I know you’ll never believe this, but historically Christmas was a very minor holiday in the life of the Christian Church.  Before electricity, it was a holiday clothed in darkness.  Thus, candles took on major importance in the celebration.  Our celebration of Christmas actually came about as a Christian alternative to the pagan celebration of the Winter Solstice (the shortest day of the lunar year – Dec. 21st or 22nd depending on the lunar calendar.)

A number of years ago I was having a conversation with the Rabbis in our Interfaith Clergy group.  Because Christian kids get so many gifts at Christmas, Jewish kids want to celebrate Christmas, too!  That isn’t very “kosher” for Jews, so Hanukkah which is a very minor religious celebration is turning into 8 days of “nice” gift giving for Jewish kids – kind of a religious alternative to the commercialism of Christmas.  I said to my Rabbi colleagues, “Just be careful you don’t let Hanukkah become the mess that Christmas is for us.  Our celebration of the holiday is so far removed from its intent that is ridiculous!”  I still hold to that.  Our “secular” celebration of Christmas is actually counter to the religious celebration.  It’s quite a mess.

Every year I hear people complain that by Christmas day, they’ve had it with Christmas!  Broke, over-spent, burned out, exhausted, over-weight, tired, and partied out.  So, I thought, “Why not do something different this year?”  Why not begin the season with a promise to “do Christmas differently this year?”

One of the members of our church is in a support group for those going through major life changes.  One of the pieces of wisdom he has learned from the facilitator of his group is, “If it’s going to be, it’s up to me.” In other words, “If there is going to be change in my life, I’m the one who has to make it happen.”  Joseph, Jesus’ father, said something similar, a long time ago.  He said, “We’ve got to find a new way home.  The old way isn’t safe any longer, and it isn’t good for us.”  EXACTLY!  We need to find new ways to celebrate Christmas so that the joy of our religious celebration carries over into our secular celebration.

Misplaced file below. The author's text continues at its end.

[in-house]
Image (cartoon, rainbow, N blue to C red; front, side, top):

So this Sunday, we’ll look at some ways we can make Christmas merrier and more meaningful.

Blessings,

Dan

~ This Sunday’s Scriptures ~

Matthew 2: 13-23

After “the Wise Men” or “Three Kings” [or “Astrologers”] had left, an angel of God suddenly appeared in a dream to Joseph with the command, “get up, take the child and his mother and flee to Egypt.  Stay there until I tell you otherwise.  Herod is searching for the child to destroy him.”  Joseph got up, awakened Jesus and Mary, and they left that night for Egypt.  They stayed there until the death of Herod, to fulfill what God had said through the prophet:  “Out of Egypt I have called my Own.”

Herod became furious when he realized that the astrologers had outwitted him.  He gave orders to kill all male children that were two years old and younger living in and around Bethlehem.  The age of the children was based on the date Herod had learned from the astrologers.  Then what was spoken through the prophet Jeremiah was fulfilled:

A voice was heard in Ramah

sobbing and lamenting loudly:

it was Rachel weeping for her children;

she refused to be consoled,

for they were no more.”

After Herod’s death, the angel of God appeared in a dream to Joseph in Egypt with the command, “Get up, take the child and his mother, and set out for the land of Israel.  Those who had designs on the life of the child are dead.”

Joseph got up, awakened Jesus and Mary, and they returned to the land of Israel.  Joseph heard, however, that Archelaus had succeeded Herod as ruler of Judea, and Joseph was afraid to go back there.  Instead, because of a warning received by Joseph in a dream, the family went to the region of Galilee.  There they settled in a town called Nazareth.  In this way, what was said through the prophets was fulfilled: “He will be called a Nazarene.”